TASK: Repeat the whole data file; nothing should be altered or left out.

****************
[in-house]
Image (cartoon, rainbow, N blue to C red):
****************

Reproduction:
[in-house]
Image (cartoon, rainbow, N blue to C red):